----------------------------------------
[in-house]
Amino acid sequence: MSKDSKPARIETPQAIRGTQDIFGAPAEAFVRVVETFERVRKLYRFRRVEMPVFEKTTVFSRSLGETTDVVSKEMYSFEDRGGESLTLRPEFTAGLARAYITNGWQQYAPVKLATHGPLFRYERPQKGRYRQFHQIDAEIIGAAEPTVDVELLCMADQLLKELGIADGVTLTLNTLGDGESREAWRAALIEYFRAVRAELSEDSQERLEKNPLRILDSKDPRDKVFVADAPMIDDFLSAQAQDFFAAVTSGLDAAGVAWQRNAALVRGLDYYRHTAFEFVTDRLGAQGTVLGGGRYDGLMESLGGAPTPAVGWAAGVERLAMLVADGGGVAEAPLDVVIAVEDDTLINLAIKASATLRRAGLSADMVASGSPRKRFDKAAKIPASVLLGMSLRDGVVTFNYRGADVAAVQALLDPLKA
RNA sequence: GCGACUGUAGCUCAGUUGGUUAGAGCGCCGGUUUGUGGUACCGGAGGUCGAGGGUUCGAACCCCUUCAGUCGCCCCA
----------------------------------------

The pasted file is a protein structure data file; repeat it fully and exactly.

[in-house]
Amino acid sequence: MSKDSKPARIETPQAIRGTQDIFGAPAEAFVRVVETFERVRKLYRFRRVEMPVFEKTTVFSRSLGETTDVVSKEMYSFEDRGGESLTLRPEFTAGLARAYITNGWQQYAPVKLATHGPLFRYERPQKGRYRQFHQIDAEIIGAAEPTVDVELLCMADQLLKELGIADGVTLTLNTLGDGESREAWRAALIEYFRAVRAELSEDSQERLEKNPLRILDSKDPRDKVFVADAPMIDDFLSAQAQDFFAAVTSGLDAAGVAWQRNAALVRGLDYYRHTAFEFVTDRLGAQGTVLGGGRYDGLMESLGGAPTPAVGWAAGVERLAMLVADGGGVAEAPLDVVIAVEDDTLINLAIKASATLRRAGLSADMVASGSPRKRFDKAAKIPASVLLGMSLRDGVVTFNYRGADVAAVQALLDPLKA
RNA sequence: GCGACUGUAGCUCAGUUGGUUAGAGCGCCGGUUUGUGGUACCGGAGGUCGAGGGUUCGAACCCCUUCAGUCGCCCCA